Niche Zero Single Dosing Grinder

Stepped vs Stepless

There are two systems for adjusting grind size; either stepped or stepless. With a stepped system there are a limited number of grind settings. This type of system makes it easy to switch between grind settings but means you may not be able to dial in the grind size precisely. Stepped grind adjustment systems are commonly found on lower-priced grinders. This system can be suitable for espresso so long as there are enough settings to make micro-adjustments to the grind size.

A stepless system is where there are an infinite number of grind settings. These systems allow you to dial in a coffee precisely and make both macro and micro-adjustments. As you step up to prosumer-level grinders, this grind adjustment system is more common.

Essentials of an Espresso Grinder

If you are considering investing in a dedicated espresso grinder, there are a range of features that are essential. Because grinding for espresso is more demanding than grinding for manual brewing methods, espresso grinders tend to cost more. And particularly if you are wanting to invest in an electric grinder, you will need a minimum of several hundred dollars. There have been a couple of entry-level grinders released this year; the Fellow Opus and Baratza Encore ESP, which are able to grind for both espresso and manual brewing. However, both these grinders are more for entry-level espresso. The other option is to consider a hand grinder which offers good value for money.

So what are the basic requirements for an espresso grinder?

  • Grind finely- Because espresso requires a very fine grind, the grinder needs to be able to grind finely.
  • Adequate grind settings to dial in espresso- As mentioned above there are both stepped and stepless grind adjustment systems. While both types have their place, there needs to be an adequate number of grind settings to be able to make the micro-adjustments required for espresso.
  • Uniform grinds- Ideally, the grinder should be able to produce consistently sized grinds. If a grinder produces unevenly sized particles, some will over-extract, while others under-extract, making it very difficult to produce a well-balanced shot. In saying that, most grinders will produce some amount of fines, and these can be a good thing, adding to the mouthfeel of a shot.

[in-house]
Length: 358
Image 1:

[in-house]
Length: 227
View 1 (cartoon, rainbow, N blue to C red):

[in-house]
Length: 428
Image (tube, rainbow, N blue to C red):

• Fluffy grounds- A grinder should also be able to produce fluffy grinds, with little clumping. This can be a problem when grinding finely, as the grinds tend to clump together, which can cause uneven extraction. If you have a grinder that does tend to clump you can get around it by using a WDT device.
  • Low Retention- The grinder should not retain too much coffee in the grinding chamber/ chute. This is particularly important in a home environment where you are only making a handful of coffee’s each day. And grinds retained in the chute will go stale and negatively impact the taste of the coffee. In addition, this is a problem when changing grind size or beans as you need to purge a lot.
  • Dosing- There is a range of different dosing options available. Single-dosing grinders, where you weigh out a dose and grind that exact amount, are in trend at the moment. Other grinders offer timers that can be set down to 1/10th of a second to deliver a consistent dose. Some other grinders have built-in scales to offer weight-based dosing.
  • Solid Build- The grinder needs to have a solid construction. Grinding coffee for espresso is difficult, so an espresso grinder needs to have a powerful motor and should be well-built to last the distance. 
  • Future Proof- Finally, the other thing that is worth considering is whether there is the option to install other burrs. This is not essential, but if you are investing in a more pricey coffee grinder, it can be nice to know it will last a long time without having to upgrade. Grinders like the DF64, with commercial-sized burrs offer this.
Finely Ground Coffee

Best Espresso Grinder- Final Thoughts

Grinding for espresso is demanding and requires a range of different features that a typical coffee grinder does not have. An espresso grinder needs to be able to grind very finely and offer enough grind settings to dial in coffee precisely. Because of this, an espresso grinder can be an expensive purchase, so you want to make sure you make the right choice. 

If you are wanting an affordable option, you can’t go past the 1Zpresso JX Pro. While it is a hand grinder, it is well-built and offers a large number of grind settings and good grind consistency.

If you have a larger budget, the Eureka Mignon Specialita is the best espresso grinder for most people. This grinder ticks all the boxes. It is well-built and has large 55mm flat burrs, stepless adjustment, and superb grind consistency. 

Finally, if you are getting to the fine end of dialing in espresso there are other options like the DF64 or Niche Zero. But these grinders are a bit overkill for a beginning brewer.